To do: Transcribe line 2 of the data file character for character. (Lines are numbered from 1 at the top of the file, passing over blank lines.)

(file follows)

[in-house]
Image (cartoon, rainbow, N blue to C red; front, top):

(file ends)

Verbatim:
Image (cartoon, rainbow, N blue to C red; front, top):